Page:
The bearded fellow in the photos is Jim Barbour, member of the board for CAT Theatre. He was busy throughout the night, as cast members for the upcoming “The Children’s Hour” were coming by to pick up scripts, as well a coordinating the construction happening around us. Fortunately we were able to have a few conversations in the mix, mostly fodder for inspiration of promotional materials. The coolest thing we talked about is his upcoming appearance on an Investigation Discovery show. Apparently crime show reenactment casting is a niche market for some actors, and Jim has played in a number of roles on various shows, everything from the victim to a family member to the murderer. Pretty cool, right?
All in all, the trip was a lot of fun and rather informative. I was calling Stephanie my assistant at one point as I was driving and coming up with ideas for her to jot down in my notebook.
Well, until next time!
CreateAthon Anxiety Theatre presents
5 CreateAthon What Ifs:
What if I freeze? What if I get in front of my team and I just draw a blank, or I get so nervous I just start quivering and incoherently babbling about cats?
What if I’m thinking too big? What if I try to get so much accomplished that just organizing all of my ideas is too heavy a task my head bursts and I get brain all over my team?
What if I’m not thinking big enough? What if I’m super happy with my team’s work and I present it and my clients raise their collective eyebrow and say - that’s it?
What if I can’t stay awake? What if at the eleventh hour exhaustion hits like a zombie taking a bite out of my ankle, and thus making me a zombie?
What if I fail? Sure, disappointing Peyton, my clients, my team, and this process would suck, but what if I don’t live up to my expectations?
P.S. Not gonna happen.
Tell Me A Story
I have a friend who is an illustrator. When he’s working on a project he will sometimes ask my opinion, and vice versa. Sometimes we really get into it, like two nights ago.
I am a huge fan of his work. He takes the most mundane, normal human actions and puts this amazing, fantastical twist to them. One of my favorite pieces is this average looking house, but it’s set in a valley, and has dozens of windows. When you look closer there is this tiny human figure on a cliff, gazing at the house.
He is currently going through some personal existential artistic crisis - thing. So he’s getting down on himself as I’m trying to be encouraging and explaining why some of his pieces are so memorable to me, particularly this house painting. When I look at it, I feel like this figure has just barely come out of the end of a long quest. But he’s the victor. There’s something triumphant about it.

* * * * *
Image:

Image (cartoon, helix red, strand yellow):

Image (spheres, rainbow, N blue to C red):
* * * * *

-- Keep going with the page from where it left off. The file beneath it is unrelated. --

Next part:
It tells me a story, this piece of art, and that really ticked him off.
We have different sensibilities when it comes to art, coming from different backgrounds. He showed me a few artists whose pieces really struck him, that he wanted emulate. To me they were dull. Pretty to look at, but no life. There was no story.
I think I figured out why he is so adamantly against storytelling, and it comes from the learning differences between our fields. I am designing with a particular goal in mind, to have a product/company/belief portrayed in a way to make people buy/visit/feel the same way. He, however, has been taught in a way to make him the best artist he can be. Neither of these is a better way of learning that the other, it’s just the nature of the fields.
Anyway, the point to all this is really just to highlight what he saw as a flaw but I saw as the beauty of the piece - that little figure of a man concluding his journey. By freezing one second of time in a way that was dynamic and bold in a nuanced way, he became the accidental storyteller of this fictional man’s journey. It may not have been the entire story, but sometimes you don’t need all of it. In fact, it’s often more intriguing to hear just a piece, because you leave your listener wanting more. And this mentality is one that can certainly be put to use during CreateAthon to help out all of our non-profits.
For me, the magic is in both the part of the story you know, and the mystery of that you do not - yet.
For more work from my friend, the fantastic Dane Cozens, visit his site here.